THIS STORY HAS BEEN FORMATTED FOR EASY PRINTING

Many states shun or delay major public works projects

Officials point to cost overruns, shaky economy

By David Porter and Michael Rubinkam
Associated Press / October 23, 2010

E-mail this article

Invalid E-mail address
Invalid E-mail address

Sending your article

Your article has been sent.

Text size +

NEWARK — New Jersey’s governor wants to kill a $9 billion-plus train tunnel to New York City because of runaway costs. Six thousand miles away, Hawaii’s outgoing governor is having second thoughts about a proposed $5.5 billion rail line in Honolulu.

In many of the 48 states in between, infrastructure projects are languishing on the drawing board, awaiting the right mix of creative financing, political arm-twisting, and timing to move forward. And a struggling economy and a surge of political candidates opposed to big spending could make it a long wait.

Has the nation that built the Hoover Dam, brought electricity to the rural South, and engineered the interstate highway system lost its appetite for big public works projects? At a time when other countries are pouring money into steel and concrete, is the United States unwilling to think long-term?

“My sense is things have changed,’’ said Andrew Goetz, a University of Denver professor and a specialist on transportation policy. “People now tend to see any project as a waste of money, and that’s just wrong.’’

“I call it the Bridge to Nowhere syndrome,’’ he added. “High-profile projects get publicized and they become a symbol for any infrastructure project that’s out there, and even the ones that are justified get tarnished by the same charge.’’

The so-called Bridge to Nowhere would have cost hundreds of millions of dollars to connect one Alaskan town to an island of 50 residents. It figured in the 2008 presidential election when former Alaska governor Sarah Palin was criticized for initially backing the plan, which was eventually scrapped.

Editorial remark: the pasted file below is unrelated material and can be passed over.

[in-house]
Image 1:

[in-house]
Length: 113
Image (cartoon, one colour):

The other cautionary tale of the past few years is Boston’s Big Dig, the highway and tunnel project that was originally envisioned at less than $3 billion and wound up costing nearly $15 billion.

The Big Dig has made it far easier for motorists to get to and from Boston’s Logan Airport, and it eliminated a noisy and unsightly elevated highway that cast a shadow over some of the city’s neighborhoods. But construction was plagued by years of delays, alleged corruption, and shoddy workmanship that later resulted in the death of a motorist in a ceiling-panel collapse.

A report this month by the US Treasury Department and the Council of Economic Advisers paints a picture of a country dissatisfied with the state of the nation’s aging infrastructure and in favor of improvements, but not necessarily eager to commit the dollars to fix it.

Standing in New York’s Penn Station on Thursday in front of a sign touting the proposed tunnel, commuter Bill Mischell of Plainsboro, N.J., gave voice to those conclusions.

“You could make the argument that it will make New Jersey a better place to live, but you also have to weigh it impartially against the huge cost,’’ Mischell said. “The state’s in pretty significant financial trouble, and the money’s got to come from somewhere.’’

Infrastructure spending in the United States stands at 2 percent of the country’s gross domestic product — half what it was in 1960 — compared with approximately 9 percent in China and 5 percent for Europe, according to the government report.

“During recessions it is common for state and local governments to cut back on capital projects — such as building schools, roads, and parks — in order to meet balanced budget requirements,’’ the report concluded. “However, the need for improved and expanded infrastructure is just as great during a downturn as it is during a boom.’’

The American Society of Civil Engineers calculates that the United States would need to spend an additional $1.1 trillion over the next five years to restore roads, bridges, dams, levees, and other infrastructure to good condition. In its latest report card, the engineering society gave the nation’s public works a “D’’ grade.

“Somehow we believe if we ignore it, it will go away,’’ said Blaine Leonard, the society’s president. “And it won’t. We have to stop hitting the snooze button on this problem.’’

He said now is a good time to spend money on infrastructure because construction companies in this weak economy are hungry for work and the costs are relatively low as a result.

Boston.com top stories on Twitter

    waiting for twitterWaiting for Twitter to feed in the latest...